The National Hazards Engineering Research Infrastructure (NHERI) system replaces the former George E. Brown Jr. Network for Earthquake Engineering Simulation (NEES) with a broader scope covering multiple natural hazards. Recognizing the national need for resilience against multiple natural hazards, the National Science Foundation (NSF) has initiated a new chapter in hazards research with a $40-million investment in Natural Hazards Engineering Research Infrastructure (NHERI).
Many U.S. communities are vulnerable to more than one kind of natural hazard. A single hazard event can bring several dangers: Hurricane winds can generate storm surges and flooding, and earthquakes can trigger landslides and tsunamis.
Water, energy and communication systems; tunnels and industrial facilities; and national military security infrastructure all depend on their ability to withstand natural forces. The stakes are enormous.
To help better understand and resist the impacts of earthquakes, wind and water hazards, NHERI will provide a network of shared, state-of-the-art research facilities and specialized tools located at universities around the country.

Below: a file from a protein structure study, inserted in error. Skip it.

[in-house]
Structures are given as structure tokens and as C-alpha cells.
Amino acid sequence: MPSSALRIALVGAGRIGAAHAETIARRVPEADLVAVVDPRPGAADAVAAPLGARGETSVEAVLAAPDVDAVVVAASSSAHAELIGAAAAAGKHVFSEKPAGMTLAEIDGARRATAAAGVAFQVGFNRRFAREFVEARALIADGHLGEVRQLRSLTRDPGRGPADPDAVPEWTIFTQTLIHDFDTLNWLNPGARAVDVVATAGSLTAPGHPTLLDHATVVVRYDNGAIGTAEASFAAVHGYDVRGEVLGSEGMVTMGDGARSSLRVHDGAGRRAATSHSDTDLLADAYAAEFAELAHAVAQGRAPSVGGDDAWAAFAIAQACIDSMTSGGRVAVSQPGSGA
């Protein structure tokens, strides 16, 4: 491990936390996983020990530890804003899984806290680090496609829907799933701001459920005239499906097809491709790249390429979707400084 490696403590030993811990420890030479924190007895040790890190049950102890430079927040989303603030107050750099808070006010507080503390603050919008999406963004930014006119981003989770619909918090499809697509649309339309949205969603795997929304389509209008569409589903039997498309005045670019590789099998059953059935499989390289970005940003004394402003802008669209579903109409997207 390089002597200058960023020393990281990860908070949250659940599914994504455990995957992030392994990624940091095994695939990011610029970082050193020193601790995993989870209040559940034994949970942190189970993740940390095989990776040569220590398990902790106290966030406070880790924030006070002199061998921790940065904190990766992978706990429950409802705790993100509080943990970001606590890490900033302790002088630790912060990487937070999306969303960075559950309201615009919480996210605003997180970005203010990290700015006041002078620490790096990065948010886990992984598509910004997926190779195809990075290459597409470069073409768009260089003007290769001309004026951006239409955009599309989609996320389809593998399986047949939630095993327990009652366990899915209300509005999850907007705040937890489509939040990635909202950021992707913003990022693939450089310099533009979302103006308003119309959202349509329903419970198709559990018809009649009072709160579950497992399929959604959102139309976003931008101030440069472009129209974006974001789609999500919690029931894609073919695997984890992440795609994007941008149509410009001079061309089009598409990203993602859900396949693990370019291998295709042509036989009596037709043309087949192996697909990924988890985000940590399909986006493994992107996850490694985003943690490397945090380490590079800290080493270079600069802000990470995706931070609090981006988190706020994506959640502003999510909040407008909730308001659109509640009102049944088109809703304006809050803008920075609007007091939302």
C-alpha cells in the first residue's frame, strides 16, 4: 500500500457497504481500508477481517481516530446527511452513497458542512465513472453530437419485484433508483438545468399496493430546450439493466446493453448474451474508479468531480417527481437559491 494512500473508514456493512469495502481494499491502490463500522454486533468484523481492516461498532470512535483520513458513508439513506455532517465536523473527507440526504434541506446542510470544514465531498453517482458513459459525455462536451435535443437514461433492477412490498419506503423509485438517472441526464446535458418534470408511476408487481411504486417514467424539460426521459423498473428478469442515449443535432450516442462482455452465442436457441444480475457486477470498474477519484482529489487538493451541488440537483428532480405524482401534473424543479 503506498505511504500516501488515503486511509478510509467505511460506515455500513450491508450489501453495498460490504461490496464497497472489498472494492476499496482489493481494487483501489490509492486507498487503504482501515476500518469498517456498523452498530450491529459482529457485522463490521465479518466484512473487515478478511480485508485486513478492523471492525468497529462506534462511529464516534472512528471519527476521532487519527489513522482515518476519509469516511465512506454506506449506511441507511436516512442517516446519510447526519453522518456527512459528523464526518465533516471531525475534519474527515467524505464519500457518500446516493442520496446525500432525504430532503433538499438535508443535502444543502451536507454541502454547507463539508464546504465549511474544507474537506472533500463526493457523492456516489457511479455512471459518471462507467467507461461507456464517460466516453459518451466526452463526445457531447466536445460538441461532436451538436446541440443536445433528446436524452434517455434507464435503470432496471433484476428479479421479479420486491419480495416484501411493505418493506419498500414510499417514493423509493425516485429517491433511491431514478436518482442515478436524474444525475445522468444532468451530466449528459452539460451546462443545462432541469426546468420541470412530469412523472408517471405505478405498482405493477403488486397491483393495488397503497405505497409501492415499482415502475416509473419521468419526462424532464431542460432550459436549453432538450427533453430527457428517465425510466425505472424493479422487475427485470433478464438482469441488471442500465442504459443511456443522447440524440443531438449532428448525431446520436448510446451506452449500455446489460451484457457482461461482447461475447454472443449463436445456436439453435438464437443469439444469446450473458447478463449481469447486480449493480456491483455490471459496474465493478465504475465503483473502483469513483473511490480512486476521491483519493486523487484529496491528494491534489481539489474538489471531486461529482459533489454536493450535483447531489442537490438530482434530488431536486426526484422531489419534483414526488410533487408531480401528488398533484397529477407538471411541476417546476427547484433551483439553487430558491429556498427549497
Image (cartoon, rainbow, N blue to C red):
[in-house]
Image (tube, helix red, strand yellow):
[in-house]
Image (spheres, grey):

NSF’s investment in NHERI will allow researchers to explore and test ground-breaking concepts to protect homes, businesses and infrastructure lifelines, and will enable innovations to help prevent natural hazards from becoming societal disasters.
The NHERI program is also a critical investment in America’s human capital, providing educational opportunities to students who will engineer our communities and plan our disaster responses of the future.